AMSJ » Settling the dust – How much is too much

Settling the dust – How much is too much

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Leong Mar and Peter Wypych present the findings from their research project into scientifically measuring and quantifying the ‘dustiness’ of a material, an area that all too often is left to personal interpretation.

Dust emissions are a pertinent issue for the mining industry, especially for workers on site and communities near mines, transport routes and ports. In recent years the mining boom has significantly increased the amount of material mined and transported and consequently has led to a rise in dust issues.

At the rudimentary level, dust emission and fallout is a nuisance and causes a loss of amenity. Unfortunately in many instances the impacts do not stop there. Dust emissions can have far reaching health, safety and environmental consequences, posing significant business risks that can threaten the company’s or industry’s social license to operate and its sustainability.

The impact to human health from inhalation of materials like heavy metals and silica dust are well known. Dust from relatively inert materials, such as iron ore, can also have adverse health effects because particulate size plays an important role. Airborne particles less than 10 microns in size can easily be inhaled into the lungs and finer particles less than 5 microns can get permanently lodged inside the lungs increasing the potential for respiratory illness.

Managing dust emission can be a challenge for the mining and supporting industries because dust is inherent to many of the fundamental operations and can be generated from a variety of sources. The presence of fine particulates in a bulk material is not necessarily the entire problem/issue, it’s when they get airborne and suspended – then they can be transported and dispersed great distances from the source.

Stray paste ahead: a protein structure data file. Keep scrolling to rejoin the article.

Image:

There are a variety of ways in which the mining industry manages dust:

Ventilation – the airborne dust in a work environment is diluted by increasing the airflow.

Containment – the dust is trapped and contained within a building or enclosure. A fan/ filter system is usually used to maintain a slightly negative pressure inside the enclosure.

Extraction and filtration – the airborne dust is extracted and filtered from the air. The collected dust can be disposed to prevent re-emission.

Suppression – water, chemicals or other technologies are applied to the dusty material to agglomerate finer particles and prevent the dust from being generated.

Wind barriers or diffusers – natural or artificial barriers are placed in strategic positions to reduce the velocity of air flowing over the dusty material.

Design – it is possible to design the plant, equipment and process to minimise dust generation.

A holistic and integrated approach is needed for effective and sustainable dust management solutions. Preventing the dust from getting airborne in the first place (addressing the root cause) is probably the most critical aspect of good dust management. DuPont Australia and the University of Wollongong have embarked on a research program which is supported by a grant from Australian Research Council to examine some of the dust issues faced by the mining industry and develop sustainable solutions to address the root cause(s) of the dust problems. This article presents some results from this program.

There are several key factors that govern dust generation. Firstly, the material characteristics such as: specific gravity, friability, amount of fine particulates and for some materials, the moisture content. Just as important is the way the materials are processed and handled, and their exposure to wind and airflows can cause dust particles to get airborne.

“A fundamental issue is that dustiness is subjective; what is considered dusty to some may not be to others.”